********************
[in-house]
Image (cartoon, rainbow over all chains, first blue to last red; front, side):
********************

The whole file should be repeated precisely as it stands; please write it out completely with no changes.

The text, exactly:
[in-house]
Image (cartoon, rainbow over all chains, first blue to last red; front, side):